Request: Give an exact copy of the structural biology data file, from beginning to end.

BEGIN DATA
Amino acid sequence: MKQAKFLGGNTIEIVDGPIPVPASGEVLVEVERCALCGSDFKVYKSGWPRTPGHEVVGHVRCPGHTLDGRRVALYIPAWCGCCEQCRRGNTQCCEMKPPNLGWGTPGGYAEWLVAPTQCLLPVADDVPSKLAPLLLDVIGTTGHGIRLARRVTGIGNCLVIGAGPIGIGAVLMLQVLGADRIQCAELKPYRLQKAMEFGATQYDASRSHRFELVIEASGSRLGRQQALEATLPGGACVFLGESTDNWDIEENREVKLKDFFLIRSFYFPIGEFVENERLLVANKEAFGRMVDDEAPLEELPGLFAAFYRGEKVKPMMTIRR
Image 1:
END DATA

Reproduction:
Amino acid sequence: MKQAKFLGGNTIEIVDGPIPVPASGEVLVEVERCALCGSDFKVYKSGWPRTPGHEVVGHVRCPGHTLDGRRVALYIPAWCGCCEQCRRGNTQCCEMKPPNLGWGTPGGYAEWLVAPTQCLLPVADDVPSKLAPLLLDVIGTTGHGIRLARRVTGIGNCLVIGAGPIGIGAVLMLQVLGADRIQCAELKPYRLQKAMEFGATQYDASRSHRFELVIEASGSRLGRQQALEATLPGGACVFLGESTDNWDIEENREVKLKDFFLIRSFYFPIGEFVENERLLVANKEAFGRMVDDEAPLEELPGLFAAFYRGEKVKPMMTIRR
Image 1: